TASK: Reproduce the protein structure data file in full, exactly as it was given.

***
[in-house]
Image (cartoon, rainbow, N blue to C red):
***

[in-house]
Image (cartoon, rainbow, N blue to C red):